Katherine Shipman

  • 7th Year Graduate Student

Dissertation Research

The proximal tubule is the only segment of the nephron that can reabsorbed protein and normally, functions so efficiently that urine is protein free. Proteins that are not reabsorbed by the proximal tubule can be toxic and cause damage to more distal parts of the nephron. We know that the uptake of many proteins is mediated by receptors and that the cells can change the amount of protein uptake in response to stimuli. I’m working to develop a model of receptor sorting and recycling in proximal tubule cells. Understanding the regulation of protein reabsorption can guide future research in diseases that cause proximal tubule dysfunction.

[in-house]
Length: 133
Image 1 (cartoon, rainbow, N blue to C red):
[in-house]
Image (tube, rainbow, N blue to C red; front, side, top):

Dissertation Mentor

Dr. Ora Weisz

Education & Training

  • B.S. in Biology, College of William and Mary, VA, 2015

Awards

  • American Society of Nephrology PreDoctoral Fellowship Award 2017-18
  • NIH NIDDK Pre-Doctoral Fellowship (F31), Megalin Traffic in Dent Disease, 2019-present
  • Experimental Biology Epithelial Transport Group Poster Award Finalist 2020

Representative Publications

Gliozzi, ML., Espiritu, EB., Shipman, KE., Rbaibi, Y., Long, KR., Roy, N., Duncan, AW., Lazzara, MJ., Hukriede, NA., Baty, CJ., Weisz, OA. Effects of proximal tubule shortening on protein excretion in a Lowe syndrome model. J Am Soc Nephrol 2020 Jan 31(1):67-83. PMC6934997

Long, KR., Shipman, KE., Rbaibi, Y., Menshikova, EV., Ritov, VB., Eshbach, ML., Jiang, Y., Jackson, EK., Baty, CJ., and Weisz, OA. Proximal tubule apical endocytosis is modulated by fluid shear stress via an mTOR-dependent pathway. Mol Biol Cell 2017 Sep 28(19):2508-2517. PMC5597323.